- Media Mentions
- Press Releases
- Blog Posts
- State Lobbying & Gift Law Guide
DOJ Doubles Down on Individual Accountability for Corporate Wrongdoers
WHAT: Deputy Attorney General Sally Q. Yates made public remarks reiterating DOJ’s policy of holding individuals accountable for corporate wrongdoing. DOJ also unveiled a new website with guidance about the policy.
WHEN: Both the remarks and the availability of the website occurred on November 30, 2016.
WHAT DOES IT MEAN FOR INDUSTRY: The thrust of the Yates Memo is not going away, as one year later DOJ sees it as a success. As a result, DOJ will continue to focus on individuals in its criminal and civil prosecutions and demand companies turn over all non-privileged information about culpable individuals in order to receive any cooperation credit.
On November 30, 2016, Deputy Attorney General (DAG) Sally Q. Yates delivered remarks attempting to respond to concerns raised after the release of the Department of Justice (DOJ) policy on enforcement actions against individuals in cases of corporate wrongdoing, the so-called “Yates Memo.” DOJ also unveiled a new website with additional guidance about how DOJ intends to approach corporate investigations, https://www.justice.gov/dag/individual-accountability. Together, the information indicates that DOJ believes its policy is working and will continue to pursue vigorously criminal and civil liability for individuals involved in corporate crime.
The 2015 Yates Memo announced new rules concerning the ways in which DOJ will approach corporations and their employees in investigations and prosecutions of corporate crime, placing a new emphasis on enforcement against individuals. The memorandum strongly encouraged companies to disclose information about culpable individuals, making it the key consideration when determining whether a corporate defendant has cooperated with DOJ. However, it has been debated whether this marked a true DOJ policy change or was merely a public relations move to recast the status quo in light of public criticism of the perceived lack of prosecution of corporate executives.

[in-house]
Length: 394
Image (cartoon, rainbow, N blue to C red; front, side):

Today, DOJ addressed some of the concerns raised by companies and practitioners alike regarding the 2015 memorandum through statements made by DAG Yates at the 33rd Annual International Conference on Foreign Corrupt Practices Act. DAG Yates strongly endorsed the policy behind the memorandum and reaffirmed the view that “the best way to deter individual conduct is the threat of going to jail.” DAG Yates said that the 2015 memorandum was not intended to change prosecutions of individuals by a particular number or percentage but rather to ensure that DOJ is consistently investigating and prosecuting corporate cases as effectively as possible.
Judged by that standard, DAG Yates said the shift has been a success. She said that individuals are now a DOJ focus from the beginning of every corporate investigation, and DOJ attorneys are “reviewing evidence against individuals up and down the corporate ladder” as a part of every case. Cooperation credit for companies hinges upon providing information about individual wrongdoers. As to self-disclosure, she said that DOJ has increased the differential between cooperation credit in situations where a company has self-reported as opposed to when it waits until the Government is inquiring. All of this, DAG Yates said, has resulted in increased cooperation and company assistance in building cases against individuals from the get-go.
Nonetheless, DAG Yates acknowledged that the policies have generated questions. In an attempt to increase transparency, DOJ created a new website (https://www.justice.gov/dag/individual-accountability) that compiles prior DOJ statements about the issue and includes a “Frequently Asked Questions” (FAQ) document that attempts to provide new guidance into DOJ’s policy. The FAQ reiterates that “a company must turn over all non-privileged relevant information about the individuals involved in the misconduct in order to receive any consideration for cooperation,” calling that disclosure a “threshold requirement.” On one of the issues that has concerned the defense bar, the new FAQ document states that a joint defense agreement with individuals’ counsel does not make a corporation ineligible for cooperation credit, but it may restrict a company’s ability to cooperate meaningfully. Therefore, the FAQ instructs companies to consider carefully the drafting of cooperation agreements to avoid limiting the ability to disclose facts about individuals which would then prevent the receipt of cooperation credit. The FAQ also notes that prompt early disclosure is now an independent factor separate from cooperation in the Principles of Federal Prosecution of Business Organizations, a change made in an effort to reward companies that voluntarily disclose potential wrongdoing even if an investigation is not yet complete.
Overall, DAG Yates’s remarks and DOJ’s new FAQ document indicate DOJ is pleased with the results of the new policy and intends to continue it, despite questions and concerns from the defense bar and corporations. Those undergoing federal investigation or prosecution need to be keenly aware of this fact and approach internal investigation, disclosures, and litigation with DAG Yates’s policy in mind. Given the change in administration it is possible this commitment to individual accountability will be short-lived, but DAG Yates was confident that these changes will endure and affect DOJ prosecution going forward. In her view, “holding individuals accountable for corporate wrongdoing isn’t ideological; it’s good law enforcement.”